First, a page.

Figure 14.

For mid-June to mid-August 2010, shown is a map of the velocity potential (color shading) at 250 hPa and the divergent wind component (black arrows). Note that the map wraps around so the RHW region is duplicated on the left and right. The outflow from the monsoon rain areas, given by the red arrows, is (i) to the south as the upper branch of the Hadley circulation with subsidence over Australia and the subtropical Indian Ocean; (ii) to the east as part of the upper branch of the Walker circulation associated with the La Niña event so that there is subsidence over the central and eastern Pacific; and (iii) to the northwest to the region north of the Caspian Sea where the blocking anticyclone and the Russian drought and heat wave were taking place (labeled RHW for Russian Heat Wave). In the Atlantic/Americas sector, the main overturning circulation is the monsoon Hadley circulation linking the activity in the Gulf of Mexico, Caribbean and Colombian region to the drought in Brazil. In the northern hemisphere a quasistationary Rossby wave (wiggly red arrow) is likely forced from the diabatic heating in the tropical Atlantic and helps determine where the subsidence from the monsoon occurs.

4. The Americas

[28] La Niña conditions are well known to be associated with major anomalies in the Americas. In summer and autumn, the hurricane season is more active owing to a more favorable tropical circulation that allows storms to form in an environment of reduced wind shear and stability [Vecchi et al., 2008]. Precipitation and flooding risk increase substantially in northern South America, such as in Colombia [Poveda et al., 2011].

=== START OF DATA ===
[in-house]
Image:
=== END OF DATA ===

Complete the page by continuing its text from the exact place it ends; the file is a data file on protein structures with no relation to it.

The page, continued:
[29] The SSTs (Figure 2) in the Atlantic sector throughout the region north of Colombia were above 29°C in July to October, and September and October 2010 were the third and second highest SST for any months on record in the Caribbean. Anomalies exceeded 0.5 to 1.5°C relative to the 1951–1970 base period (Figure 2). SST anomalies were especially large off the Colombian coast. The much cooler conditions to the west of the Central American isthmus both in absolute and anomaly terms understandably focused convective activity as a whole into the Atlantic and away from the Pacific. North of the equator, the result was a much above normal Atlantic hurricane season, in which there were 19 named storms, and 12 hurricanes, of which 4 were category 4 or 5, likely making it the second most active year after 2005 since 1944 when aircraft surveillance was implemented. SSTs in the tropical North Atlantic region critical for hurricanes (10° to 20°N) were at record high levels in the extended summer (June to October 2005) and were a major reason for the record 2005 hurricane season [Trenberth and Shea, 2006].